MPs will debate a call for changes to extradition rules later today. Campaigners say that Britain's arrangements with the United States and EU countries are unbalanced, although a review by a retired judge rejected the claim.
The issue has been highlighted by the case of Gary McKinnon, who is fighting extradition to the US for alleged computer hacking. The Conservative MP for Esher and Walton, Dominic Raab, secured the debate.
He told the Today programme that the discussion is a vital opportunity for Parliament to stand up for safeguards to protect British citizens.
The data shows that five Americans have been extradited to the UK under the new regime, 29 British citizens the other way. I think the key issue here, no-one is suggesting abolishing extradition, but it's about reform.
"The key issue in the American treaty is "forum". So where you have cross border cases like Gary McKinnon, where should it be decided and who decides? At the moment it's done by sort of haggling between prosecutors behind closed doors.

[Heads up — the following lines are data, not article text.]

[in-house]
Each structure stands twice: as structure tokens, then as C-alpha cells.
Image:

"Actually it should be done openly in court. And just by the way, the US has treaties with Mexico, Brazil and Australia, giving their authorities much greater discretion to refuse to extradite their citizens. So why shouldn't Britain, a stalwart ally, ask for this very modest change? And I think it's important that both countries depoliticise this and I think a forum clause would help us achieve that."
But the former Labour home secretary David Blunkett said that, while some changes would be beneficial, those in favour of change, including Mr Raab and the Daily Mail newspaper, are asking for too much.
"Where I disagree with Dominic and the Daily Mail is the notion that we can trump international convention rights that the joint committee on human rights which is what this resolution tonight is based on should take us further than international convention rights and specifically for British citizens because as Scott Baker says if you don't think the administration and the justice system in the United States is up to it we shouldn't be extraditing anybody."
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